Friction tuner replacement

collarbone

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I posted this in the Uke Tech support section but someone suggested I ask a luthier, so I thought I would wander on over into the luthier's lounge and pose my question here.

I have a vintage ukulele whose tuners have seen their last days. The holes are small and after doing some research I have figured out that modern tuners are quite a bit bigger. I have no problems with drilling out the holes to make the new ones fit but I was wondering about the hole I will need. The ones I want to use have a toothed bushing which is wider than the shaft of the tuner. Does the new hole have to be a straight hole right through the headstck the size of the bushing, or is the bushing part countersunk into a hole the size of the shaft? I hope that is clear but maybe not.

The tuners I was thinking about are the Gotoh deluxe or something similar.

thanks
 

Rick Turner

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What's wrong with the original tuners?

They CAN be made to work well. I've restored function by adding small leather or felt friction washers between the back of the peghead and either the bushing or tuning button.
 

collarbone

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There are two problems with the originals. One is that the screws are almost completely stripped and cannot be tightened anymore. The screws are really small. The smallest thing I can find at the hardware store is a 4/40 but it is way too big. I have no idea what type of screws I would have to order to replace them. The other problem is that the plastic of the knobs is chipping and in one case starting to split because of over tightening I am guessing.

I think I could make them work with just some new screws. I could sort out the tuner button problem much easier I believe. The uke is a 1930's (I am told) style 0 Martin. The tuners are not like anything I have seen in any pictures of martin Ukes so they might not be original. I'm not sure how many different types of tuners Martin used back then. I have found a picture of a similar style tuner here: http://2.bp.blogspot.com/_mkIZ-9UWx1s/TU0HDPGBgAI/AAAAAAAAAEk/7H_DgglPgG0/s1600/vintage-uke-tuners.jpg They look like the one second from the left only with black knobs.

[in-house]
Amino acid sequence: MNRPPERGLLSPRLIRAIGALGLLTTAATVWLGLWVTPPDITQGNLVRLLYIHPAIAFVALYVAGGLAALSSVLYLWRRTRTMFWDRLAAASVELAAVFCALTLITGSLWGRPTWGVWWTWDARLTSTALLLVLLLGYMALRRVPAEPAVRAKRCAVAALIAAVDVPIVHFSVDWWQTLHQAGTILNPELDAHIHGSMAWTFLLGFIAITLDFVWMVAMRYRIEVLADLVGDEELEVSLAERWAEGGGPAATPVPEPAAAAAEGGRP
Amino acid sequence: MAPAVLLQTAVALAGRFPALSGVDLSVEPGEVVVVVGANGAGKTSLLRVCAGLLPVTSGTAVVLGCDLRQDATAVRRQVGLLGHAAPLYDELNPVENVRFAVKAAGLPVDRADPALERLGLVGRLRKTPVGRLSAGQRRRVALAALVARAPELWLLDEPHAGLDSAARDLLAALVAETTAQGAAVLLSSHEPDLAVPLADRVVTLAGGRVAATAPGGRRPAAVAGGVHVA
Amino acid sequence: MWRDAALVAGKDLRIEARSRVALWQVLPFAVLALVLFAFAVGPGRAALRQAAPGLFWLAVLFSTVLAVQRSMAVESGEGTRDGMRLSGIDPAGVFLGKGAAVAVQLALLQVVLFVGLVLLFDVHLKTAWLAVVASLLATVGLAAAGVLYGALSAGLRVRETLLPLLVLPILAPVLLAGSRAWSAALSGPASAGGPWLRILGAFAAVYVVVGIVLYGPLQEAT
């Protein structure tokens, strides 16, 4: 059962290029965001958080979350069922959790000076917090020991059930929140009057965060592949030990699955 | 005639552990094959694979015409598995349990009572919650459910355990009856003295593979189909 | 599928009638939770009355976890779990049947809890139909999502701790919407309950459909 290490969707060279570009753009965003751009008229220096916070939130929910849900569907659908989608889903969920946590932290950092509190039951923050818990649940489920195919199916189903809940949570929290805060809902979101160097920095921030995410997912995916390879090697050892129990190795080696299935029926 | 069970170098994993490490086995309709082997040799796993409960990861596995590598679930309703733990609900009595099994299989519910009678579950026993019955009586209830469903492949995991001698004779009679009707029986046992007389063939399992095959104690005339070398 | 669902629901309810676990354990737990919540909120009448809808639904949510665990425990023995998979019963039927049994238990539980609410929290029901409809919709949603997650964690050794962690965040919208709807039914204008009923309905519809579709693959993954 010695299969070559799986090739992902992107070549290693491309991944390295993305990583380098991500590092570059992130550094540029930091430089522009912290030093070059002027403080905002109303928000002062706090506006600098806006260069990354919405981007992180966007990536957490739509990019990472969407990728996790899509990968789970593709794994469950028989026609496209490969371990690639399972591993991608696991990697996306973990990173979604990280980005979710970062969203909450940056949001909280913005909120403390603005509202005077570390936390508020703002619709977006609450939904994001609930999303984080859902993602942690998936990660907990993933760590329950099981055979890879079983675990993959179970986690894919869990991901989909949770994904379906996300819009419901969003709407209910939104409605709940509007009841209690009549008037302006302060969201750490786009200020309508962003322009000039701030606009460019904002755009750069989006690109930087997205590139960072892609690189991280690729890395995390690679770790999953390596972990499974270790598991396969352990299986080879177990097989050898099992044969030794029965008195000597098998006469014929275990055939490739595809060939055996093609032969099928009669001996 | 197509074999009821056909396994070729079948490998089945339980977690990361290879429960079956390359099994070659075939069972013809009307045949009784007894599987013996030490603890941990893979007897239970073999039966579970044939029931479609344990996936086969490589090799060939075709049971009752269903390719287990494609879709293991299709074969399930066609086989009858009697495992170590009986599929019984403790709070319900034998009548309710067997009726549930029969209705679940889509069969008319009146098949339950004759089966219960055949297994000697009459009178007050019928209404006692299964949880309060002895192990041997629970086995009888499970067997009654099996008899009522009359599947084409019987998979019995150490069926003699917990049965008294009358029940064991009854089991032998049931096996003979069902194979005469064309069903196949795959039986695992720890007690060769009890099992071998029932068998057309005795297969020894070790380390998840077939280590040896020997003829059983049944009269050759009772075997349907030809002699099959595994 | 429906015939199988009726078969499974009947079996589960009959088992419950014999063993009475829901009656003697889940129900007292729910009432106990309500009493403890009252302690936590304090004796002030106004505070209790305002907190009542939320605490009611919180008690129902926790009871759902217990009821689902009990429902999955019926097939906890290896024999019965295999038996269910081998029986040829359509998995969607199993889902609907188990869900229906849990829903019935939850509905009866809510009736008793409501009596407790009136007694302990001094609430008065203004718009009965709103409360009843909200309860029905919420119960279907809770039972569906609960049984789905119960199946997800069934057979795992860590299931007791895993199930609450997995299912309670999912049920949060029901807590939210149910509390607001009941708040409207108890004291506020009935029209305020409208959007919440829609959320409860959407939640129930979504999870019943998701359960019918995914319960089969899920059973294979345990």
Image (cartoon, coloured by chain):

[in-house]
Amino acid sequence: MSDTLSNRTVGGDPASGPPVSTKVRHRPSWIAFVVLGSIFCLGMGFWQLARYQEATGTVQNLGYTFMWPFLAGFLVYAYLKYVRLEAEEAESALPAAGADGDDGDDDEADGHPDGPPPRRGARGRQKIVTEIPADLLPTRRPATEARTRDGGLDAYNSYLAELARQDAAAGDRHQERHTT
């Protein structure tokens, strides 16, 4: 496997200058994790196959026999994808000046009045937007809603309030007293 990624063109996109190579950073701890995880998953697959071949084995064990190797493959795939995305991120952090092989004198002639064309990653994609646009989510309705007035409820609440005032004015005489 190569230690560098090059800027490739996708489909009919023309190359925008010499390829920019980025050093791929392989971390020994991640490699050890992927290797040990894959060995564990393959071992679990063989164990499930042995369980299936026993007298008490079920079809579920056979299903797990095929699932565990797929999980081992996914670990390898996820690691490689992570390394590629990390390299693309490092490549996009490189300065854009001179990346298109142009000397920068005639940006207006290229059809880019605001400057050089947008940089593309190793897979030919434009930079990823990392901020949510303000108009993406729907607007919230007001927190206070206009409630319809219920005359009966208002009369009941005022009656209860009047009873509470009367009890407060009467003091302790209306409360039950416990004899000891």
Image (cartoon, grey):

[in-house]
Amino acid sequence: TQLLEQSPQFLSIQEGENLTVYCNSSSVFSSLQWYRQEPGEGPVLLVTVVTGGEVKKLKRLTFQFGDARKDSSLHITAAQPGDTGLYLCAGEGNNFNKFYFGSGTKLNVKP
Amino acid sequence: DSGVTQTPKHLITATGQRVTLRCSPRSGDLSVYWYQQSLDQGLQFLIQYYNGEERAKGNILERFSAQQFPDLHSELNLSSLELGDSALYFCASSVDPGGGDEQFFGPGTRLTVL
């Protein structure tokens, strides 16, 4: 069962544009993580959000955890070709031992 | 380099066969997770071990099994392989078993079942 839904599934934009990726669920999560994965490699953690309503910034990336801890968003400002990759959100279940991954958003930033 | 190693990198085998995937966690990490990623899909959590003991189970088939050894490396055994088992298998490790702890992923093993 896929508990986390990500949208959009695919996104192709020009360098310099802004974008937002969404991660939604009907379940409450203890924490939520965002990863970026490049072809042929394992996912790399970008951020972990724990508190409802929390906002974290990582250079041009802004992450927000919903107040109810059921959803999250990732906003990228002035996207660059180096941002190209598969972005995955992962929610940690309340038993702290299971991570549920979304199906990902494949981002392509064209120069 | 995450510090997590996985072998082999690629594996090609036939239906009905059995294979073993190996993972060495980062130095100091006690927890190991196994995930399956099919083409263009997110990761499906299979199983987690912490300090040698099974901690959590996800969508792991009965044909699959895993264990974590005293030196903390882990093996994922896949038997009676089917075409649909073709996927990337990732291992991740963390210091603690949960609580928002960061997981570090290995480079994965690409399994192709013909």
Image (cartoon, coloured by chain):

Rick Turner

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It is worth trying to restore those tuners. Perhaps the threads in the metal posts could be repaired or tapped to the next larger size. The friction washer trick would work very well on those if you can get the screws sorted out. The plastic might be repairable with white superglue with a tiny bit of yellow dye added. I would not want to put large modern tuners on a vintage Martin if you can possibly avoid it.
 

BlackBearUkes

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There are two problems with the originals. One is that the screws are almost completely stripped and cannot be tightened anymore. The screws are really small. The smallest thing I can find at the hardware store is a 4/40 but it is way too big. I have no idea what type of screws I would have to order to replace them. The other problem is that the plastic of the knobs is chipping and in one case starting to split because of over tightening I am guessing.

I think I could make them work with just some new screws. I could sort out the tuner button problem much easier I believe. The uke is a 1930's (I am told) style 0 Martin. The tuners are not like anything I have seen in any pictures of martin Ukes so they might not be original. I'm not sure how many different types of tuners Martin used back then. I have found a picture of a similar style tuner here: http://2.bp.blogspot.com/_mkIZ-9UWx1s/TU0HDPGBgAI/AAAAAAAAAEk/7H_DgglPgG0/s1600/vintage-uke-tuners.jpg They look like the one second from the left only with black knobs.

I know what you are talking about with this tyle of tuning knob. I have seen many cheaper ukes come in with this knob style but never on a Martin, perhaps they were switched out. These knobs are made of some kind of fiber/plastic combination and in my opinion are not repairable, glued or otherwise. I have tried and they just fall apart. If you could find a set of vintage tuners like the center one in your photo, that would be more in keeping with what Martin used. Good luck.
 

collarbone

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I found some screws at a local hobby shop which fit the tuners. I'm going to try to make them work for now and keep an eye out for an eventual replacement. Maybe something vintage.

Thanks for all the advice!